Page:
United Patriots Hold Coalition Council, Won't Demand Deputy PM Simeonov's Resignation
112 POLITICS-DEPUTY PM SIMEONOV-UNITED PATRIOTS-COUNCIL Amp.
United Patriots Hold Coalition Council,
Won't Demand Deputy PM Simeonov's
Sofia, October 23 (BTA) - Deputy Prime Minister Valeri Simeonov will not be resigning, it transpired from the power-sharing United Patriots' coalition council, held on Wednesday amidst a scandal involving Simeonov's recent disparaging remarks about the protesting mothers of disabled children, which he described as "loud women with allegedly sick children". The Deputy Prime Minister's remarks triggered protests and sharp reactions, including demands for his resignation.
The council was attended by the leaders of the IMRO and NFSB parties, Krassimir Karakachanov and Valeri Simeonov, but not by Ataka leader Volen Siderov, who is the third partner in the United Patriots coalition. Siderov said on a social media platform that there is no sense for him to attend the coalition council, given that six days ago NFSB lifted their confidence from him as the United Patriots floor leader, while IMRO did not issue a position, meaning they agree with NFSB.
Karakachanov told journalists after the meeting that Simeonov did not mean to offend the protesting mothers. "Mr. Simeonov should be more careful when choosing his words," Karakachanov commented.
The IMRO leader believes that the resignation of a deputy prime minister would topple the Government, which is not a solution, given the possibility that the Bulgarian Socialist Party (BSP) and the Movement for Rights and Freedoms may return to power. According to Karakachanov, getting rid of NFSB would mean that the Government will have to count on Vesselin Mareshki's Volya party, which is not an option. "If things come to that, we are leaving too," he commented. "What is more important to me is that the Government is doing its job," Karakachanov argued. He admitted that there are serious problems with the communication within the United Patriots coalition. Simeonov commented by saying that the coalition agreement has not been breached, despite the serious differences. "We will be making efforts in the future to get together and solve our problems," he said.
"The criticism is not aimed at the children, I am not a beast, I can very well see what kind of children they are," Simeonov commented his remarks. He explained that he did not mean that the children are pretending [to be sick]. Their mothers say they are sick, but keep them out in the sun, in the rain and in the cold, which is not normal, he said. Simeonov further noted that he sees no reason to apologize for his remarks, adding that the protesting mothers' demands have been met.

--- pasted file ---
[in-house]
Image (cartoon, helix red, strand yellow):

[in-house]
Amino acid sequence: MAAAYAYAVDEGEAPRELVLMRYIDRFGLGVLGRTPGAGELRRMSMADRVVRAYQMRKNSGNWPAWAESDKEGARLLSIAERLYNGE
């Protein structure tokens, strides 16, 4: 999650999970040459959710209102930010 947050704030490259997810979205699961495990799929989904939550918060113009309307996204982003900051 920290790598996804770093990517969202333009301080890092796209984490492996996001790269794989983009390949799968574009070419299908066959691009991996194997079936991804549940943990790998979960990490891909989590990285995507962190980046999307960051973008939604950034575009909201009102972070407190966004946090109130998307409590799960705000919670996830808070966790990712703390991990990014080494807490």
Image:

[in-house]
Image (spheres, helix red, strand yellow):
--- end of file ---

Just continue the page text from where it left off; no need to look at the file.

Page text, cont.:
Karakachanov noted that the mothers' protest was politically exploited from the very start.
Commenting the situation after a meeting with representatives of the Bulgarian Construction Chamber on Tuesday, BSP leader Kornelia Ninova said her party has demanded that Simeonov's hearing is the first item on Parliament's agenda on Wednesday.
According to her, the insinuation that the Government's whole construct and the State's future depend on Simeonov's resignation is an expression of utter powerlessness.
Ninova said that from now on her party is promptly starting to organize itself and prepare for early elections, but decline to commit to any deadlines.
Deputy Prime Minister Valeri Simeonov used the media earlier on Tuesday to ask the organizers of a protest in his support, scheduled for Wednesday, not to hold it.
He explained that he had received support from employers' organizations and trade associations, such as a national homebrew organization, a farmers' association, automobile associations and some of the employers' organizations in Bulgaria, including the Association of Industrial Capital in Bulgaria and the Bulgarian Industrial Association.
Simeonov explained he feels confident in what he does and does not believe that pressure from the streets should be exerted on the coalition or other partners.
Simeonov's disparaging words sparked strong reactions from various directions. Prime Minister Boyko Borissov apologized on Monday from Cabinet's name for Simeonov's words, but said he does not plan on demanding his resignation, because the government would fall. Socialist leader Kornelia Ninova in turn criticized Borissov, describing his words as being "even more cynical than Simeonov's". Speaking to university students on Tuesday, President Rumen Radev commented that "uncontrolled power leads to cynicism, and with cynicism there cannot be an effective